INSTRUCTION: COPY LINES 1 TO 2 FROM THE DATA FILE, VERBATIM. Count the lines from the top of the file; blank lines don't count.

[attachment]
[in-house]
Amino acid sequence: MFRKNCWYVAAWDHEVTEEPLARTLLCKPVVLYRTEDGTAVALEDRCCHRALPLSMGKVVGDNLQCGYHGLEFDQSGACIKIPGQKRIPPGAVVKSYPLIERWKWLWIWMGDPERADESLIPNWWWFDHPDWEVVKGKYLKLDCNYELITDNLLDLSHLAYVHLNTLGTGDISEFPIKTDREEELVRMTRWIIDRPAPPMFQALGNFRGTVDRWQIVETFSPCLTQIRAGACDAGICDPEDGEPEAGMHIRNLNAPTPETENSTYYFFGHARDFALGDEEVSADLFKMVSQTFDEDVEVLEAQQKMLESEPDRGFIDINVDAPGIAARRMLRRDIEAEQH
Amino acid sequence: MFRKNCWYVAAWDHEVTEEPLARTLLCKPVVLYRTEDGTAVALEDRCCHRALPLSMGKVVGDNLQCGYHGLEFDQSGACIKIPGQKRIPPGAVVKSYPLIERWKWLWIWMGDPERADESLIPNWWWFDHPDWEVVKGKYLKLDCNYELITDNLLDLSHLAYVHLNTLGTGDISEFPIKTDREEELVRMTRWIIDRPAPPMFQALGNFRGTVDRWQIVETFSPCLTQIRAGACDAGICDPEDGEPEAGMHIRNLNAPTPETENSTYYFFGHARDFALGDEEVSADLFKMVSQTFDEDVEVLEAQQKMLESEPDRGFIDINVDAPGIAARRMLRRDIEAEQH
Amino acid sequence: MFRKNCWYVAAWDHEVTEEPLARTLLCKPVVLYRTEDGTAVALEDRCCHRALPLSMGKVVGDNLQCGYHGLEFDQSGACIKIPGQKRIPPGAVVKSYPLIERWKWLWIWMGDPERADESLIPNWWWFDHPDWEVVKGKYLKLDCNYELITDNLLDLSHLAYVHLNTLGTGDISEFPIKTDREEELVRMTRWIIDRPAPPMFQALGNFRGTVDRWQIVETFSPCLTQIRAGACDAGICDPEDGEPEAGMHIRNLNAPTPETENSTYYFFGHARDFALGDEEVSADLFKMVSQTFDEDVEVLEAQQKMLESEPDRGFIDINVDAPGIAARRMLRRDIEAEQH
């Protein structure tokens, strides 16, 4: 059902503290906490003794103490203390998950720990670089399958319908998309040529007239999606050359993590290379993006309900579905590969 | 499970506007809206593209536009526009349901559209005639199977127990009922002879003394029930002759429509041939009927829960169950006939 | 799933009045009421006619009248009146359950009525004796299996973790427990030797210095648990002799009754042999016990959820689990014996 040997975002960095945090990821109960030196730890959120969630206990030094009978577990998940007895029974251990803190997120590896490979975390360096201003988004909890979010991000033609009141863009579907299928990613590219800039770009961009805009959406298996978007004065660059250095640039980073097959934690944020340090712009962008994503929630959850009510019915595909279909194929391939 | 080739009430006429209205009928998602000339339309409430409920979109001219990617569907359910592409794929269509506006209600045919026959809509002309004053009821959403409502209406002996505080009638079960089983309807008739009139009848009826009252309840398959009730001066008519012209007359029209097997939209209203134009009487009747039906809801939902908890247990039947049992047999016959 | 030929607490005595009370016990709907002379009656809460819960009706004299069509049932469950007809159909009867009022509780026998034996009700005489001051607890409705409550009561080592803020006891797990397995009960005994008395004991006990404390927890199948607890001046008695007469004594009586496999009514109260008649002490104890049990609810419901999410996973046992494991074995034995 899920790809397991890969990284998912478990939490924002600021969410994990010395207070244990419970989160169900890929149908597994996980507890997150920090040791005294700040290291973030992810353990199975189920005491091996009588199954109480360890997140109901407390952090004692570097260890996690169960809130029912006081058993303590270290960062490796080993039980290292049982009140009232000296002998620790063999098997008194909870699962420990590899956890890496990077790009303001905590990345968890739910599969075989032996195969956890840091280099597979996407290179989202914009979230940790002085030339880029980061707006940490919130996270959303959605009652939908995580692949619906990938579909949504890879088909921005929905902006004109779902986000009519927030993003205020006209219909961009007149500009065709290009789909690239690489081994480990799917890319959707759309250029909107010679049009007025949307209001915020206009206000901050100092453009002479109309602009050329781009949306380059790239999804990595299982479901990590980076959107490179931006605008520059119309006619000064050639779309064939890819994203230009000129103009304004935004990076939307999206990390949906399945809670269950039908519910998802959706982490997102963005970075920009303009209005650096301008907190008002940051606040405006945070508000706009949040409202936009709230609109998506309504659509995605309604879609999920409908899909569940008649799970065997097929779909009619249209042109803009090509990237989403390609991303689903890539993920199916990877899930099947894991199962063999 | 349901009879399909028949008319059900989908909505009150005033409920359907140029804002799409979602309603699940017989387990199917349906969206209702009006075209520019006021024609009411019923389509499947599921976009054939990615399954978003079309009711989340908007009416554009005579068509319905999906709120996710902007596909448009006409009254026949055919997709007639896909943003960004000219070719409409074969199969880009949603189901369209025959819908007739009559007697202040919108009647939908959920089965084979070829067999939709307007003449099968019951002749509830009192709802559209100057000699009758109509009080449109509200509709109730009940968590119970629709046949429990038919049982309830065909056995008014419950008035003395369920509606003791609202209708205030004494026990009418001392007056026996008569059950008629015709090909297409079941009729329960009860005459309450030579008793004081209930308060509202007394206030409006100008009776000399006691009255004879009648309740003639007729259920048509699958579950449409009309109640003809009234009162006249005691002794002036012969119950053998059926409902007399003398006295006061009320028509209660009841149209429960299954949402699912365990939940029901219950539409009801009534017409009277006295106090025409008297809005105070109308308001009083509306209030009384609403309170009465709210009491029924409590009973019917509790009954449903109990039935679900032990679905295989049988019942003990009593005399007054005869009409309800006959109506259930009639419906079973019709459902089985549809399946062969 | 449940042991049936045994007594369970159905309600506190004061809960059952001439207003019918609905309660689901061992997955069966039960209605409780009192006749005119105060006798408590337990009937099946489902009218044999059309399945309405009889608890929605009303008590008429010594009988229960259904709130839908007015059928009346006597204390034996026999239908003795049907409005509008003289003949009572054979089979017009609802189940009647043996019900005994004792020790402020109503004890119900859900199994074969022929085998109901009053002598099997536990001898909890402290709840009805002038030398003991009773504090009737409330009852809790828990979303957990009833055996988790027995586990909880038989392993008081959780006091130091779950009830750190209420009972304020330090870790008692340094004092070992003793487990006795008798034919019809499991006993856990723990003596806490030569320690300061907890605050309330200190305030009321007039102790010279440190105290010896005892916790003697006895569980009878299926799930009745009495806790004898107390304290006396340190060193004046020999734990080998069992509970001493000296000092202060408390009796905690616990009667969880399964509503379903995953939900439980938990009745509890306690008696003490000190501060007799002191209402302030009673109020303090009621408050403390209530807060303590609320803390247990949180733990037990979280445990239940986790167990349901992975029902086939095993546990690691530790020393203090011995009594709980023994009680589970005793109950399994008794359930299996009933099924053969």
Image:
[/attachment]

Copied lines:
[in-house]
Amino acid sequence: MFRKNCWYVAAWDHEVTEEPLARTLLCKPVVLYRTEDGTAVALEDRCCHRALPLSMGKVVGDNLQCGYHGLEFDQSGACIKIPGQKRIPPGAVVKSYPLIERWKWLWIWMGDPERADESLIPNWWWFDHPDWEVVKGKYLKLDCNYELITDNLLDLSHLAYVHLNTLGTGDISEFPIKTDREEELVRMTRWIIDRPAPPMFQALGNFRGTVDRWQIVETFSPCLTQIRAGACDAGICDPEDGEPEAGMHIRNLNAPTPETENSTYYFFGHARDFALGDEEVSADLFKMVSQTFDEDVEVLEAQQKMLESEPDRGFIDINVDAPGIAARRMLRRDIEAEQH